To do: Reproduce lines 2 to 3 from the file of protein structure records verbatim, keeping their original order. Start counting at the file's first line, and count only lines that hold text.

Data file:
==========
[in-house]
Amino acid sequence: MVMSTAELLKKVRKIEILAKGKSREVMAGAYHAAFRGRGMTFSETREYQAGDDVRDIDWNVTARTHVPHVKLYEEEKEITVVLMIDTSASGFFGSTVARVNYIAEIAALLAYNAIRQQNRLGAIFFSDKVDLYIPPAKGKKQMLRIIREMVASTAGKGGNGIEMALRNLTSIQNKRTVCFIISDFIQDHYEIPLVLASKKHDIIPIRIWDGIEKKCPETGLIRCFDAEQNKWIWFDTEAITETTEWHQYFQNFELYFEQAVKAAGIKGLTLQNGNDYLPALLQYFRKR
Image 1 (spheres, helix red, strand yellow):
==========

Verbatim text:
Amino acid sequence: MVMSTAELLKKVRKIEILAKGKSREVMAGAYHAAFRGRGMTFSETREYQAGDDVRDIDWNVTARTHVPHVKLYEEEKEITVVLMIDTSASGFFGSTVARVNYIAEIAALLAYNAIRQQNRLGAIFFSDKVDLYIPPAKGKKQMLRIIREMVASTAGKGGNGIEMALRNLTSIQNKRTVCFIISDFIQDHYEIPLVLASKKHDIIPIRIWDGIEKKCPETGLIRCFDAEQNKWIWFDTEAITETTEWHQYFQNFELYFEQAVKAAGIKGLTLQNGNDYLPALLQYFRKR
Image 1 (spheres, helix red, strand yellow):